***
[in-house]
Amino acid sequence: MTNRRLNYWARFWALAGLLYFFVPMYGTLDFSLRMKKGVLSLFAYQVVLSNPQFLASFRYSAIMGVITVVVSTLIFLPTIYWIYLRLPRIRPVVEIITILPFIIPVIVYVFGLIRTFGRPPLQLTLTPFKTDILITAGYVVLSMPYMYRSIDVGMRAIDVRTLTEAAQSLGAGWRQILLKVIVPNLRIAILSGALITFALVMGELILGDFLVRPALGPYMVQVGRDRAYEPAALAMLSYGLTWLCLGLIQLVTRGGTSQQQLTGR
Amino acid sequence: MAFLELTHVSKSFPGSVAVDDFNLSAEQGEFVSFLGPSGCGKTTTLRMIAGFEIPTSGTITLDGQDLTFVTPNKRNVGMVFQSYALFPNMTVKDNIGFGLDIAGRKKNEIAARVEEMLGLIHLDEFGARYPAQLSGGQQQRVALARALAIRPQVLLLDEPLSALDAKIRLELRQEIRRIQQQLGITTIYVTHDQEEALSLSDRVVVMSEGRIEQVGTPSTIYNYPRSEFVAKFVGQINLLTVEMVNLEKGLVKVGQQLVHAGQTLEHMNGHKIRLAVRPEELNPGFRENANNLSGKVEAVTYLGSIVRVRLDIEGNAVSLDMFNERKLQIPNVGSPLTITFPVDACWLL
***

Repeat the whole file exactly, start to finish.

[in-house]
Amino acid sequence: MTNRRLNYWARFWALAGLLYFFVPMYGTLDFSLRMKKGVLSLFAYQVVLSNPQFLASFRYSAIMGVITVVVSTLIFLPTIYWIYLRLPRIRPVVEIITILPFIIPVIVYVFGLIRTFGRPPLQLTLTPFKTDILITAGYVVLSMPYMYRSIDVGMRAIDVRTLTEAAQSLGAGWRQILLKVIVPNLRIAILSGALITFALVMGELILGDFLVRPALGPYMVQVGRDRAYEPAALAMLSYGLTWLCLGLIQLVTRGGTSQQQLTGR
Amino acid sequence: MAFLELTHVSKSFPGSVAVDDFNLSAEQGEFVSFLGPSGCGKTTTLRMIAGFEIPTSGTITLDGQDLTFVTPNKRNVGMVFQSYALFPNMTVKDNIGFGLDIAGRKKNEIAARVEEMLGLIHLDEFGARYPAQLSGGQQQRVALARALAIRPQVLLLDEPLSALDAKIRLELRQEIRRIQQQLGITTIYVTHDQEEALSLSDRVVVMSEGRIEQVGTPSTIYNYPRSEFVAKFVGQINLLTVEMVNLEKGLVKVGQQLVHAGQTLEHMNGHKIRLAVRPEELNPGFRENANNLSGKVEAVTYLGSIVRVRLDIEGNAVSLDMFNERKLQIPNVGSPLTITFPVDACWLL